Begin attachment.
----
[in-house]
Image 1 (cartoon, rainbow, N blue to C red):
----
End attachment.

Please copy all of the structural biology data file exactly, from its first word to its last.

[in-house]
Image 1 (cartoon, rainbow, N blue to C red):